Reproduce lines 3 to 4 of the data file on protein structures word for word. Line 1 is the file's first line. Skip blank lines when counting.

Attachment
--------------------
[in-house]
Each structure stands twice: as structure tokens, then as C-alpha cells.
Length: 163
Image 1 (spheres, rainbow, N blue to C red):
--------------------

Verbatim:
Length: 163
Image 1 (spheres, rainbow, N blue to C red):